Telecoms: a trendy
investment target again?
The way forward
Can regulation help?
Budapest, December 4th 2013
Fastweb’s unique positioning in the NGA market
1.8 million households passed by proprietary
FTTH in 7 cities
Extensive LLU coverage in over 1000 local
exchanges
Bergamo
Brescia
Milano
Pisa
Livorno
Thanks to end-to-end control of infrastructures,
first operator in itlay to launch 20 Mb/s service
and 100 Mb/s (in 2008)
Since 2012 first Altnet in Europe to massively
deploy FTTC: 3.5 million households covered by
2014 in 20 cities
Trieste
Verona
Padova
Reggio Emilia
Venezia
Bologna
Ancona
Firenze
Roma
Bari
Napoli
2,5 Mln
Tablet WiFi
FW FTTS
footprint
Palermo
2,3 Mln
Connected TV
FW FTTH
footprint
Would the Connected Continent package
foster investments?
The assumptions
 Telecom sector declining in Europe, while growing steadily in other areas of the world, due to
“too many operators” and too much regulation…
 Sector profitability and investments can be boosted by supporting consolidation and reducing
competition through
 more relaxed rules on SMP and
 by privileging VULA versus physical access
Measures proposed would increase the market power of incumbent operators and limit the
possibility of infrastructure-based competition by Altnets
The new approach to identify relevant markets will
progressively reduce the scope of access regulation
Considering LTE as a competitive constraint
would impact on the identification of
markets subject to ex-ante regulation even in
countries with low or no cable penetration.
Reducing the scope of access regulation will
eventually lead to re-monopolization of fixed
market in many countries and/or regions.
Fixed broadband would be offered by one,
maximum two operators (incumbent/cable)
in most countries
Are we going back to square one?
one?
Favoring virtual vs. physical access provides vertically
integrated operators a monopoly in deploying NGA
FTTS - the new paradigm for NGA deployment - requires Altnets to deploy fiber only to the cabinet and
use the legacy copper network from the cabinet to the user premises
Unlike FTTH, FTTC is quick to roll out and financially sustainable also for operator with a limited market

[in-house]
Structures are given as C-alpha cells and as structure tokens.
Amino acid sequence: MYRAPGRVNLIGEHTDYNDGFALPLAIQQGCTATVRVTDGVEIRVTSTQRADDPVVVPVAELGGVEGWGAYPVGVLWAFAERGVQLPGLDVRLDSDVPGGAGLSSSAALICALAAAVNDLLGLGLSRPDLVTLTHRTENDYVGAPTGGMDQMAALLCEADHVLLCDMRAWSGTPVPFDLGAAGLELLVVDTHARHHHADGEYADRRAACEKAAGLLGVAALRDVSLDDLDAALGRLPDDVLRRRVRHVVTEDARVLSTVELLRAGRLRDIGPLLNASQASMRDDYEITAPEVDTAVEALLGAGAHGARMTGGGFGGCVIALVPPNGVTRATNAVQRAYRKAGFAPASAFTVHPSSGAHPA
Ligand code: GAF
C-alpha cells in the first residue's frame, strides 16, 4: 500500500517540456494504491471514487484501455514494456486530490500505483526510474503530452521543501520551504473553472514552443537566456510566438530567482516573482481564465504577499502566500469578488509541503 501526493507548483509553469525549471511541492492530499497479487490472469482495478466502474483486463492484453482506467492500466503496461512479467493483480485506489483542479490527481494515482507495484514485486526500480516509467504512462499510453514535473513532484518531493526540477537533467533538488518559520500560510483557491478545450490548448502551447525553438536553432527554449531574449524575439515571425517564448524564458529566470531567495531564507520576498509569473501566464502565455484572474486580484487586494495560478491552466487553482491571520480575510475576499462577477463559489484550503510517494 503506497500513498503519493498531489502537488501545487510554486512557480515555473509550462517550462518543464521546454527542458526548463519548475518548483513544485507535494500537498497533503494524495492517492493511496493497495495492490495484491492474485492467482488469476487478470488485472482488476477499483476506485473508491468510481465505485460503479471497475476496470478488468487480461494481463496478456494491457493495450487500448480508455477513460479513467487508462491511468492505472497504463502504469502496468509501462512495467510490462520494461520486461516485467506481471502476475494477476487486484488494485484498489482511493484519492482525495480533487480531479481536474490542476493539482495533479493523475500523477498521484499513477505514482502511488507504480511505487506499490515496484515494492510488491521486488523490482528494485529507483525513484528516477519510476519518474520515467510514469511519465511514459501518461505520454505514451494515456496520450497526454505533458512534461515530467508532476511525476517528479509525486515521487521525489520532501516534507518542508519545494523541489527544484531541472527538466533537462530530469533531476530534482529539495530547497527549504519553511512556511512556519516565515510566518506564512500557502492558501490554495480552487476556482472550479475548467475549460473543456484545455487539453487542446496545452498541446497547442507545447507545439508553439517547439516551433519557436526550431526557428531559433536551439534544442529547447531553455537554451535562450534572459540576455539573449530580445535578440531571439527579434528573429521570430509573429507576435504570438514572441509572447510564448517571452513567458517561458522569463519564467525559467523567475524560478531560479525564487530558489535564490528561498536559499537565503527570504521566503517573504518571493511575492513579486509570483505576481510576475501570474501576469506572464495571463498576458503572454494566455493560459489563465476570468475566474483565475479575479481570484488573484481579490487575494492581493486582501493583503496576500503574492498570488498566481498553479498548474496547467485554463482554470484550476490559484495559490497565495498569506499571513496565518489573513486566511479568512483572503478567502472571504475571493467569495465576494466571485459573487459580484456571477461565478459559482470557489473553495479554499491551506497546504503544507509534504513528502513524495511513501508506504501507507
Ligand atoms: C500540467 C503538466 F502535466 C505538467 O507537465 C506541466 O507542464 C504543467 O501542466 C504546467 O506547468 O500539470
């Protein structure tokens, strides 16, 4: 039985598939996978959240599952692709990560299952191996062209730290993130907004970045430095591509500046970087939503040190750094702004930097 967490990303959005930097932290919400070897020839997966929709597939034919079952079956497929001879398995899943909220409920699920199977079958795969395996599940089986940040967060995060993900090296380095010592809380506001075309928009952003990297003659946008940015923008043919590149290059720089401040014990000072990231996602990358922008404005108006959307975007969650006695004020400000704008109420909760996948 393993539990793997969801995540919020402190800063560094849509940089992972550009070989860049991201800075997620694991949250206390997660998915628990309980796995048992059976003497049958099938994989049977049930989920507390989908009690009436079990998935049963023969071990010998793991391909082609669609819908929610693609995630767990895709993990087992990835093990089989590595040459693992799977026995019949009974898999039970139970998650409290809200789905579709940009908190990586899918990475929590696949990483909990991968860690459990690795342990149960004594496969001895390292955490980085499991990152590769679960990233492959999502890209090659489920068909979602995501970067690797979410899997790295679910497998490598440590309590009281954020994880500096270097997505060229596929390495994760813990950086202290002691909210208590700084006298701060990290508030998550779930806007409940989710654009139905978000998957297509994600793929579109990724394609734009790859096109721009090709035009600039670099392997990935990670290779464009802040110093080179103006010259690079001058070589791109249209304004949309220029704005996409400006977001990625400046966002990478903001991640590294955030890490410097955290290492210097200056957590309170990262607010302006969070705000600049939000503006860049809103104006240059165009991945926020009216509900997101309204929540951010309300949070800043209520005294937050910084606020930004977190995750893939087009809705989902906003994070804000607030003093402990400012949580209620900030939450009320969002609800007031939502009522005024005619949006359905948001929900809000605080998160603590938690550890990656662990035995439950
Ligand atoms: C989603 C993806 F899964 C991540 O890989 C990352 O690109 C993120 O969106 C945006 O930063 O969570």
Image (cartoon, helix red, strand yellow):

share. Altnets can play this game!
Fiber (1500 m)
FTTH
Street cabinet
FTTC/FTTS
fiber
copper sub-loop (400 m)
Limiting access to sub-loop would curb Altnet’s capability to deploy NGA and reduce
infrastructure-based competition in NGA
Will consolidation and a reduced competition
support profitability and increase the
incentives to invest?
Performances of fixed operators in EU and US are
comparable Ebitda on sales – 2012 (fixed operations only)
60%
50%
40%
48%
38%
30%
30%
31%
27%
21%
20%
10%
0%
Telecom Italia Telefonica
Deutsche
Telecom
Source: Deutsche Bank 2012; Bernstein Research 2012
France
Telecom
At&t
Verizon
Source: At&t Financial report , Verizon financial report
Limited competition determines low degree of
innovation…
Areas not covered by BB
Areas covered by a single DSL
provider
Areas covered by more than one
provider
• Most US users have a very limited choice of
one DSL provider and one cable operator
• Extended areas not reached by any DSL
provider
Areas covered by fibre
• FTTx connections are only 2% of total (OECD,
2012)
Limited competition doesn’t seem to imply
higher profitability or more investments…
Source FCC broadband maps www.broadbandmap.com
9
… high retail prices for comparatively poor services…
Cheapest broadband package available*
AT&T
VERIZON COMCAST
Advertised
speed
3 Mbps
1 Mbps
Intro
price/month
29,95 $
19,99 $
Standard
price/month
41,00 $
n.a.
Usage
cap/month
250 GB
Source: operators’ commercial websites – 16th July 2013
TWC
20 Mbps
1 Mbps
39,99 $
19,99$
42,95-64,95 $
n.a.
-
-
Retail prices higher than in EU, also for
basic speeds
Highest speed broadband package available*
AT&T
Very limited availability of
ultrabroadband packages, at very
high prices
TWC
Advertised
speed
24 Mbps
150 Mbps
105 Mbps
50 Mbps
Intro price/mo
54,95 $
134,99 $
89,99 $
74,99 $
Standard
price/mo
66,00 $
134,99 $
114,95 $
n.a.
-
-
Usage cap/mo
*All prices exclude local taxes
VERIZON COMCAST
250 GB
Source: operators’ commercial websites – 16th July 2013